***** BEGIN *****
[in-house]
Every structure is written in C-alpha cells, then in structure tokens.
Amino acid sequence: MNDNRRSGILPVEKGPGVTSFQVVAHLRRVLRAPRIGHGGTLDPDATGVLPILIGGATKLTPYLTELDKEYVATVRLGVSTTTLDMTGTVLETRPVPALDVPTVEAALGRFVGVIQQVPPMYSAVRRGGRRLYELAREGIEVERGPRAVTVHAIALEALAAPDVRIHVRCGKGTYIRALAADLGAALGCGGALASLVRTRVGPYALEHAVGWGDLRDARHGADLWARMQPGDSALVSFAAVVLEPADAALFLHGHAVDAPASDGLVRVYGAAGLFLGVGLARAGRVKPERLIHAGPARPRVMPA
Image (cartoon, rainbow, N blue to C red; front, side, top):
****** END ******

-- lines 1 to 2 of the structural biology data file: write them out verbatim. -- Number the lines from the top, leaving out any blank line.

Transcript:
[in-house]
Every structure is written in C-alpha cells, then in structure tokens.